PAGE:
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Movie > Film

Shorts

Not long on funny: Shorts.

Shorts

Rated:None
Genre:Family
Our Rating:

 

Published 8/21/2009

Audiences of a certain age might remember the live-action movies Disney released in the '70s. Filled with C-list over-actors, precocious kids and lots of pratfalls, they were absolutely heeee-larious to your average 7-year-old. Robert Rodriguez's Shorts is cut from a similar cloth, sporting an amateurishness that borders on endearing. But as much as a first-grader may love it today, in 2020 he'll have the same epiphany you had about Hot Lead and Cold Feet — it sucked.

And Ken Berry and Karen Valentine never had to go toe-to-toe with a giant living booger.

Rodriguez brings his hypermanic pacing and homegrown special effects to the tale of a nerdy tween named Toe (Jimmy Bennett), who stumbles across a rainbow-colored wishing stone that, well, grants wishes. The magical rock is then passed from one kid to the next, unleashing all sorts of wacky unintended consequences. From castles and aliens to upright crocodiles and a giant dung beetle to the aforementioned booger monster, icky setbacks befall both kids and adults with Tex Avery-style aplomb.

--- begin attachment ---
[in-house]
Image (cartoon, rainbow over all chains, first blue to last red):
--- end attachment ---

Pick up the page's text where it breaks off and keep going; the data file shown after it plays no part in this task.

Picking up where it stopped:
Rodriguez, knowing his concept is paper-thin (his kids invented the story), chronologically scrambles the narrative so we're forced to yo-yo back and forth in time as each kid mucks up his or her wishes. It's all breathless and slapstick and cute but, honestly, never very funny.

Yeah, with his canted angles and delirious flights of fancy, there's plenty of Rodriguez's boundless energy. Zipping from one story to the next he fills the screen with lots of stuff. But none of it engages. The stories are predictable and instantly forgettable. The adult cast (James Spader, Leslie Mann, Jon Cryer and William H. Macy) phones it in and, excepting Christina Ricci look-alike Jolie Vanier, the kids can barely act.

Jeff Meyers writes about film for Metro Times. Send comments to letters@metrotimes.com.

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